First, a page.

BHA: help us or hotels will close for good
Some hotels will shut for good if the Government fails to give the industry a break on employment overheads, industry leaders have warned the Premier.
The Bermuda Hotel Association asked for an extension of the 12-week unemployment benefits programme and relief from some health insurance costs in a letter to David Burt.
The BHA also requested a change to the law that requires staff who have been laid off for four months to be terminated automatically — which triggers severance payments.
The letter, dated May 11, said: “Should the requested amendments not be acted upon we fully expect that businesses, including a percentage of our member properties, will be forced to permanently close their doors with a catastrophic and negative impact on our economy and therein significantly increasing our overall unemployment numbers of Bermudians.”
The letter was signed by Stephen Todd, the chief executive of the BHA, and Tim Morrison, the organisation's president.
Mr Todd told The Royal Gazette last night: “Our intention was not to scaremonger. We just want to raise the concerns of our members about how we can remain viable. We know that the same concerns are shared by businesses in other sectors.”
A government spokesman last night confirmed the letter had been received and its contents noted, but said the requested health insurance changes could impact the hospital's ability to serve the community.
Hotels and guesthouses have been shuttered since the airport was closed on March 20 and thousands of staff have been laid off.
Section 32 of the Employment Act 2000 stipulates that the maximum duration of a layoff is four months — after that the employee is ruled to be terminated and the employer is required to make a severance payment, depending on time employed.
However, Mr Todd and Mr Morrison argued in their letter that hotels were unlikely to open again inside the four-month period and that the law should be relaxed to avoid “harsh financial costs” to hotels and other industries.
Mr Todd said the financial strain of a blitz of redundancy payments, after a period of little or no revenue, could be the last straw for some businesses.
He added: “It's the intention of our members to re-employ as many of our laid-off colleagues as possible. The challenge we have is that we don't know when that's going to be.”
Mr Todd highlighted that employees had to be paid off after four months “regardless of whether the intention is to bring them back to work” and so an extension of the allowable layoff period could help to save jobs.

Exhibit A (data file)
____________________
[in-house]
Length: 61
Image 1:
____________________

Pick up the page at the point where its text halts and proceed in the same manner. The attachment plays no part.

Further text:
He added the impact of large-scale severance payouts on a business's viability was a concern for owners of many companies across different sectors of the economy.
Employers who continue to pay their laid-off employees' health insurance face mounting costs. The BHA letter proposed a change that would bring some relief.
It explained: “It is the request and recommendation of the BHA that the Bermuda Government provide temporary relief to the hotels by permitting the local insurers to take a break from funding the Mutual Reinsurance Fund premiums and in turn pass the savings of $355.31 per person insured, per month, directly in the form of financial relief to the hotel sector employees and employers.”
The letter added unemployment benefits paid under the 12-week programme were scheduled to run out for some laid-off hotel staff as early as mid-June.
The BHA said urgent consideration should be given to an extension because of the uncertain future of the industry.
Mr Todd added: “We realise that what we're proposing will take revenue away from the Government, but we are simply looking to explore ways we can remain viable.”
A government spokesman said: “Every sector in Bermuda is taking the opportunity to set out their thoughts on how their interests can best be served in this period of recovery and this is welcomed.
“This economy will need a concerted effort of all parties to rebound from the impact of this pandemic.
“The proposal regarding the Mutual Reinsurance Fund is troubling however as that has the potential to create a significant disadvantage to the hospital. There could hardly be a worse time to reduce the hospital's ability to perform its vital function in this community. We are actively considering this and other proposals received.”
Mr Todd hoped there would be an opportunity for the BHA, and the Bermuda Industrial Union, to sit down with the Government to discuss potential solutions.
The most recent employment survey, conducted in 2018, found that island hotels employed 2,383 people, nearly three quarters of them Bermudians, spouses of Bermudians or permanent resident's certificate holders.
• To view the letter from the Bermuda Hotels Association to the Cabinet, click on the PDF link under “Related Media”